In Japan, a certain body type is culturally favored for women — big boobs, a small face, and a thin figure. I didn’t feel like I really fit into that, and so I felt fat and ugly. Adding to that, I know that I have an outgoing personality and I try to be congenial, so I always got along with my guy friends. That made me feel like I was not attractive at all. When I was 18 or 19, I decided to explore outside my country because I thought there might be a better place for me to live. I saved my money and went to Sydney, Australia for three months. I had a great time adventuring by myself. I was so happy and comfortable to see that there are many different body types in Australia, and people were confident and embracing themselves. After I graduated from college, I went back to Australia again. This time I stayed about a year, volunteered at a handicapped facility, and traveled half of Australia all by myself. That trip made me realize that I am beautiful, and even though I gained about 20 lb, I started seeing my inner beauty.

But as soon as I went back to Japan, I lost that new-found confidence. I was determined to get the confidence back. I believed that if I became skinny, I would have it back. I was motivated to lose weight so that I could fit into the beauty standards of Japan. My goal weight was 103 lb. I strongly believed that being 103 lb would fix everything. Well, I lost about 30 lb, but it didn’t fix anything. I still didn’t have confidence and self-acceptance. I was still very insecure. I got into a relationship, and it didn’t work out. I think that was due, in part, to my insecurities. So, I just ended up feeling more terrible about myself. I really wanted to get away from my dark thoughts. I was exhausted from dealing with my mean thoughts about myself and my ex-husband’s unkind words. I was ready to change. Then, I started studying personal training, and I learned about the difference between body fat, muscle mass, and weight. I learned that there are different body types, each of which is beautiful in its own way. Each body type expresses good health with a different look (curvaceous, muscular, thin). All these experiences helped me to realize how important it is to focus on growing into the best version of myself, instead of trying to fit into the standards.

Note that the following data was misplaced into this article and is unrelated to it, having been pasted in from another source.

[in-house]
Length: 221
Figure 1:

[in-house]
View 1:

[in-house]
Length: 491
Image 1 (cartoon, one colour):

According to a recent study cited in Cosmopolitan, in the US, only about 28 percent of men and 26 percent of women are “very satisfied with their appearance.” Could you talk about what some of the causes might be, as well as the consequences?

I firmly believe it is caused by social media, TV, magazines, and advisements that we see every day. Only particular looks are shown. What kind of messages and ideas are coming out and getting created in our heads? This is how beauty standards are created!! Also, they only show air-brushed and perfected looks of people and their lives. As a consequence, many of us struggle with self-image, self-love, self-compassion, self-acceptance, self-worth, and relationships. In my work world, unfortunately, looks matter. How fit and lean we are as trainers is promoted on social media. Showing skin gets attention, but I feel it doesn’t show the real value we have as trainers. We should be demonstrating our knowledge and experiences.